La. sees big jump in passing AP tests
Published 10:51 am Wednesday, August 6, 2014
Louisiana had the biggest jump in the number of students who passed Advanced Placement tests this year — good news for a state that for years has sat near the bottom of the national ranking.
State education officials announced last week that the number of college credits earned by students who took AP exams this year rose by nearly 25 percent. Students who take an AP course can earn college credit if they score at least a 3 on an AP test given at the end of the school year. The test scores range from 1 to 5.
State Education Superintendent John White said there were “6,410 AP tests passed in the state” this year. That is up from 5,144 tests passed last year and 4,112 in 2012.
These numbers differ from 2012, when the College Board, which administers AP tests, “announced that 6.3 percent of Louisiana’s class of 2012 scored a 3 or higher on the tests,” The Advocate reported. That percentage was only higher than Mississippi.
Not only are more tests being passed in Louisiana, more students are participating in AP courses. The state Education Department reported that there were students enrolled in 28,009 AP courses in 2014, compared with 23,485 in 2013.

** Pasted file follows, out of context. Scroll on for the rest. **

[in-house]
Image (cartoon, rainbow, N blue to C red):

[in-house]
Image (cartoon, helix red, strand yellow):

The Education Department has plans to increase its support of AP teachers and students. That includes allowing students who achieve a passing score to earn 150 points in the graduation index, the highest possible amount. They also plan to help low-income students afford test fees and pay for AP training for teachers and school administrators.
White said students benefit from taking the rigorous AP courses, even if they don’t pass the exams given at the end of the year. He said “providing these challenging courses to our kids is critical to their future in life.”
White said he is encouraged with more students taking and passing Advanced Placement courses, but he acknowledges there is room for improvement. The state’s ranking, he said, could improve further once updated statistics are announced in the fall.
It is encouraging that Louisiana has seen continued improvement in students taking courses that prepare them for college and beyond. But, as White and other officials have said, more work can be done to boost the state’s ranking and get our children better prepared upon graduation.